Strategic Bombing and the German War Economy
The Second World War provided the first major test of strategic bombing as a means of destroying a nation’s ability to produce the goods necessary for modern warfare. In theory Germany was a good target for strategic bombing—a highly capitalized country with large concentrations of industrial plant. Between 1942 and the end of the war the Allies delivered an unprecedented bomb tonnage over Germany. By 1945 the average monthly delivery of combined British and American forces had risen to 170,000 tons. Yet the effects of this massive bombing were not clear at the time. After the war a thorough investigation undertaken by the United States Strategic Bombing Survey revealed that strategic bombing had not been so effective as had been hoped. The selection that follows is taken from the summary and conclusions of this exhaustive study.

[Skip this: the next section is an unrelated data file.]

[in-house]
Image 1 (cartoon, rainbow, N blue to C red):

KeywordsMachine Tool German Economy Cent Loss Aviation Gasoline Machine Tool Industry
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- The United States Strategic Bombing Survey. Overall Effects Division, The Effects of Strategic Bombing on the German War Economy (Washington, D.C.: n.p., 1945), pp. 6–14, with deletions.Google Scholar